Pump. These features not only enhance the speed of the data transfer but also
are handy for the DBA to asses how the job would run before actually running
Data Dump.

  • Parallel Threads: The parallel parameter specifies the
    maximum number of threads of active execution operating on behalf of the export
    job. This execution set consists of a combination of worker processes and
    parallel I/O server processes. Because each active worker processes or I/O
    server process works on one active file at a time, the DBA must specify a sufficient
    number of files. Therefore, the value the DBA specifies for this parameter should
    be less than or equal to the number of files in the dump file set.
    This important parameter helps the DBA to make a trade-off
    between resource consummation and the elapsed time.

  • Ability to
    restart the job:
    The
    ability to restart a job is an extremely useful feature if DBA is involved in
    moving large amounts of data. The Data Pump job can be restarted without any
    data loss or corruption after unexpected failure or if the DBA stopped the job
    with stop_job parameter.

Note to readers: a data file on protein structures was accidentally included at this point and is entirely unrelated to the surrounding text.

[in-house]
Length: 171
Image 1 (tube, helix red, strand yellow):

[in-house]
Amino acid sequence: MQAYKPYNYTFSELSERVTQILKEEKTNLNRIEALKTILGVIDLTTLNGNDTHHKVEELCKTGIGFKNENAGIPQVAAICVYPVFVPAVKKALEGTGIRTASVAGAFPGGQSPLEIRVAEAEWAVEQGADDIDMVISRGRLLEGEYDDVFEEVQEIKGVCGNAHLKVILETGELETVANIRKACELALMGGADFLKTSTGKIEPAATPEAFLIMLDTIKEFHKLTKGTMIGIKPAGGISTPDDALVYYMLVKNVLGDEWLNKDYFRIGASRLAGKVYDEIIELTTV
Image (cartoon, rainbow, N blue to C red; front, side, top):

• Ability to
    detach from and reattach the job:
    This allows other DBAs to monitor jobs from multiple locations.
    We can attach the Data Pump export and import utilities to one job at a time
    but we can have multiple clients attached to the same job.

  • Support for
    export and import operations over the network:
    The NETWORK_LINK parameter initiates an export using
    a database link. It means that the system, to which expdp is connected, contacts
    the source database referenced by the source_database_link, retrieves data from
    it and writes the data to a dump file set back on the connected system.

  • Ability to change the name of
    source datafile to a different name:
    The
    DBA can change the name of the source datafile to a different name in all
    DDL statements where the source datafile is referenced.

  • Support for filtering the
    metadata:
    The DBA can filter
    metadata using the “EXCLUDE” and “INCLUDE” options. If the object is excluded,
    all of its dependent objects are also excluded. For example, EXCLUDE=CONSTRAINT
    will exclude all constraints except “NOT NULL” and constraints needed for table
    creation, which includes: INCLUDE=TABLE:"IN(‘EMPLOYEES’,’DEPARTMENTS’)"

    INCLUDE=PROCEDURE

    INCLUDE=INDEX:"LIKE
    ‘EMP%’"

  • Space
    Estimate
    : The DBA
    can estimate how much space an export job will consume, without actually
    performing the export.

  • Query
    Parameter:
    The DBA can filter data during the export
    by specifying a clause for a “SELECT” statement.

  • Content
    Parameter
    : The DBA can
    specify what is exported or imported, for example, Meta data only or data only
    or both.

Init.ora parameters that affect the performance of Data Pump:

Oracle recommends the
following settings to improve performance.

Disk_Asynch_io= true

Db_block_checking=false

Db_block_checksum=false

Additionally, the number